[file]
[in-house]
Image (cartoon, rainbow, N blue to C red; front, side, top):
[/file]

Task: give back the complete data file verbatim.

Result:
[in-house]
Image (cartoon, rainbow, N blue to C red; front, side, top):